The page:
For example: in a case decided by the Employment Appeal Tribunal where the employee was dismissed due to a breakdown in the relationship between employee and employer the Employment Tribunal and Employment Appeal Tribunal decided that the dismissal was unfair as the employee had not been given the opportunity to return to work and to demonstrate that the relationship had or had not broken down before a decision was taken to dismiss her.

Examples of SOSR dismissals

1. Refusal to accept changes to contract terms

Where an employee refuses to accept a change to their terms and conditions of employment the only option available could be to give them notice to terminate employment and offer to re-engage on the new terms.

If the employee makes a claim for unfair dismissal you could rely on this as an SOSR reason for dismissal.

In order to demonstrate that this is a fair reason for dismissal you must be able to show that you were implementing the changes for ‘sound business reasons’. The test here is not particularly high and as long as you can show that you were doing so for business reasons, and demonstrate with evidence, rather than some other arbitrary reason, it is likely that the Employment Tribunal will agree that you have a fair reason for dismissal.

2. Breakdown in trust and confidence

It is likely to be harder to successfully rely on a breakdown in trust and confidence with an employee than the other examples given. Therefore, I recommend that you take care about dismissing an employee if this is the reason you intend to rely on and ensure that you have exhausted other options first.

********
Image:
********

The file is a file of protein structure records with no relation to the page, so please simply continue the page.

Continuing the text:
3. Pressure from a customer or other third party

This situation arises commonly in-service industries where the employer provides employees to work on the customer or clients site, such as contract cleaners, maintenance personnel and security guards. In these circumstances if the customer says that they do not want the employee to work on their site anymore and there is no other role or alternative site for them, then it is possible that the dismissal will be fair for a SOSR reason.

In these circumstances it is important to try to ascertain the reason for the customer’s request and if it is an unreasonable request attempt to mediate and/or persuade them to change their mind or give the employee a second chance (and document your attempts). If despite your efforts, they continue to insist that the employee is removed you are more likely to succeed in arguing the fairness of the dismissal.

I advise my clients in these circumstances to ask the customer to put their instruction in writing so that it can be referred to in discussions with the employee and used in evidence (if needed) later on.

4. Reputational Risk

This is where you basically decide that you cannot continue to employ the employee because of the risk to your business and reputation if you continue to employ them.